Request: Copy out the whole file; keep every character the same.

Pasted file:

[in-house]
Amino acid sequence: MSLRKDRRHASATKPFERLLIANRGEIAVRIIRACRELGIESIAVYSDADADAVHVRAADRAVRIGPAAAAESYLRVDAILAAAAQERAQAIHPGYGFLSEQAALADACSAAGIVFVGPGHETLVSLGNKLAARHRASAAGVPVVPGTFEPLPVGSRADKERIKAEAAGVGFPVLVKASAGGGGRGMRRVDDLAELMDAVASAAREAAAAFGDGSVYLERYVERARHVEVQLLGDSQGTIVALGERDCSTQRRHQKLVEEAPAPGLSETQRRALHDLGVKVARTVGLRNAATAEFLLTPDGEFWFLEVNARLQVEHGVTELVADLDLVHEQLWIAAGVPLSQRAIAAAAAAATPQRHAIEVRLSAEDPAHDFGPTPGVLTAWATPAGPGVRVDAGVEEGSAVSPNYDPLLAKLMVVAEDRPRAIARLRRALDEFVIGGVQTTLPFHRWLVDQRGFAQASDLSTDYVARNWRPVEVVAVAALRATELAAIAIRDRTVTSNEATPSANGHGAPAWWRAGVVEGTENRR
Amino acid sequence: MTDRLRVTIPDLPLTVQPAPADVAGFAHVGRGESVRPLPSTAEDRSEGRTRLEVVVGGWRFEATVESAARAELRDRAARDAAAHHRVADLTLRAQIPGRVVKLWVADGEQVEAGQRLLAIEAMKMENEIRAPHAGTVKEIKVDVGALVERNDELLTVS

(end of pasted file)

[in-house]
Amino acid sequence: MSLRKDRRHASATKPFERLLIANRGEIAVRIIRACRELGIESIAVYSDADADAVHVRAADRAVRIGPAAAAESYLRVDAILAAAAQERAQAIHPGYGFLSEQAALADACSAAGIVFVGPGHETLVSLGNKLAARHRASAAGVPVVPGTFEPLPVGSRADKERIKAEAAGVGFPVLVKASAGGGGRGMRRVDDLAELMDAVASAAREAAAAFGDGSVYLERYVERARHVEVQLLGDSQGTIVALGERDCSTQRRHQKLVEEAPAPGLSETQRRALHDLGVKVARTVGLRNAATAEFLLTPDGEFWFLEVNARLQVEHGVTELVADLDLVHEQLWIAAGVPLSQRAIAAAAAAATPQRHAIEVRLSAEDPAHDFGPTPGVLTAWATPAGPGVRVDAGVEEGSAVSPNYDPLLAKLMVVAEDRPRAIARLRRALDEFVIGGVQTTLPFHRWLVDQRGFAQASDLSTDYVARNWRPVEVVAVAALRATELAAIAIRDRTVTSNEATPSANGHGAPAWWRAGVVEGTENRR
Amino acid sequence: MTDRLRVTIPDLPLTVQPAPADVAGFAHVGRGESVRPLPSTAEDRSEGRTRLEVVVGGWRFEATVESAARAELRDRAARDAAAHHRVADLTLRAQIPGRVVKLWVADGEQVEAGQRLLAIEAMKMENEIRAPHAGTVKEIKVDVGALVERNDELLTVS